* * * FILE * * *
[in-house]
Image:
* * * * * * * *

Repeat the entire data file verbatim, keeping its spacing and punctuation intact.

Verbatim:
[in-house]
Image: